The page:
FAQ

I. About International People’s Tribunal (IPT)

[expand title=”1. What is an International People’s Tribunal?” startwrap=”” endwrap=””]
An International People’s Tribunal is like a formal court. It is an initiative by a community, with international support, to direct attention to grave abuse of human rights and their impact on the community. It operates outside the mechanisms of government and formal institutions like the United Nations. Its authority comes from the voices of the victims, as well as that of civil society, both national and international.
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[expand title=”2. Is an International People’s Tribunal the same as an International Court of Justice?” startwrap=””
endwrap=””]
No. An IPT differs from international courts, such as the ICTR in Rwanda and the ICTY (Yugoslavia). International courts are established by the United Nations Security Council or by the International Criminal Court (ICC). The authority of an IPT lies in its moral foundation and the conviction that the law is an instrument of civil society not owned solely by the state.
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[expand title=”3. What are the advantages of an International People’s Tribunal?” startwrap=”” endwrap=””]
The strength of an IPT is its capacity to check evidence, keep accurate historical records about past genocide and crimes against humanity, and apply the principles of international customary law to the facts as found. Furthermore, an IPT steps into the void left by the state, but it is not intended that it replaces the role of a legal process by the state.
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[expand title=”4. Are there different kinds International People’s Tribunal?” startwrap=”” endwrap=””]
There are two different kinds: ad hoc, that is for a particular case; and permanent, that is it is institutionalized.
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[expand title=”5. What are the mechanisms and processes?” startwrap=”” endwrap=””]
An IPT has the format of a formal human rights court. In the early stages, IPTs form a professional research team and prepare an international panel of judges. The research team is in charge of collecting, researching and reviewing the data and testimonies; then the team makes a legal analysis of the material and hands it to the team of prosecutors or attorneys. The prosecutor brings charges against the state, based on the evidence presented about the party responsible for the widespread and systematic genocide and crimes against humanity. Evidence consists of documents, audio and audiovisual materials, testimonies of witnesses and other recognized legal forms of evidence.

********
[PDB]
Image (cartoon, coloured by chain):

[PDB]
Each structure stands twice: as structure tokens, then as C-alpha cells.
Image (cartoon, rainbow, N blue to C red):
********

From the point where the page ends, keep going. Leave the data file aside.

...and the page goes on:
Based on its analysis of the evidence, the panel of judges formulates charges and sanctions against those responsible, as well as proposes reparations and compensation for the victims and survivors, which the state should then resolve legally.
The panel of judges come to a decision based on the material presented and then call the countries concerned, so that they realize that so far they have failed to take responsibility for the victims, both legally and morally. This decision can also be used as a basis for changing the historical narrative, and also as a lobbying document for a UN Resolution in relation to the crimes.
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[expand title=”6. What are some examples of similar tribunals and what was the result?” startwrap=”” endwrap=””]
Women’s International War Crimes Tribunal on Japan’s Military Sexual Slavery, Tokyo 2000 (TPT)

TPT was formed in 2000 in response to sexual crimes committed by Japan during World War II. The tribunal aimed to raise international awareness of the ‘comfort system,’ to demand that those responsible be brought to justice, as well as draw attention to the ongoing impact of impunity experienced by victims.

TPT used charges of war crimes, crimes against humanity, and international crimes that are relevant to rape and other forms of sexual violence. TPT was organized by female activists and human rights, non-government organizations in Asia and internationally. The process was enriched by an abundant collection of testimonies by women victims and Japanese veterans, written documents, and historical evidence and academic writings of historians, legal experts, psychologists, etc.

The verdict of the TPT in 2001 stated that ‘comfort system,’ considered by the Japanese as voluntary prostitution, is a form of crimes against humanity; and it determined that the ten accused, Emperor Hirohito and nine high-ranking military commanders and several government ministers, were guilty. These nine were indicted because of their involvement in the establishment of the ‘comfort system,’ and because they had the power and capacity to stop the widespread rape.